Go back to article: Challenges of conservation: working objects
Using museum objects
The conservation concepts outlined above focus on a cautious approach aimed at retaining original material and limiting change. But conservation cannot involve total protection if objects are to have a use in a museum – to make an active contribution to research and enjoyment they must be accessible. So not only are objects cleaned, reconstructed or sampled for research, but they are exposed to hazardous environmental conditions. Paintings and watercolours are routinely exhibited even though it is known that exposure to light is damaging. When lent to other institutions, valuable objects are transported across the world even though this may involve sometimes rapid environmental changes or abrupt movement and vibration. In each case the risks and benefits will be carefully evaluated. Paintings or objects will be selected for display or loan only if considered to be in a suitable state, and specific conditions (such as exhibiting in low light levels, or use of specially designed travel crates) will be agreed and applied; nevertheless, some risk remains when making these uses possible. Consequently there has been extensive research into the effects of the environment on heritage objects, and into ways to mitigate them (Ashley-Smith, 1999; Caple, 2012; Staniforth, 2013).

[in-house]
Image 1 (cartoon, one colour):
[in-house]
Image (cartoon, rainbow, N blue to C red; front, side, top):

It is also important to remember that in the whole range of acknowledged heritage there are objects which continue in daily use: listed buildings, eighteenth-century furniture, Stradivarius violins, grandfather clocks, Victorian paintings, wooden sailing yachts. For many or most of these the benefit of continued active life has been achieved as a result of repair, replacement and adaptation, and some loss of original features.
Component DOI: http://dx.doi.org/10.15180/160608/010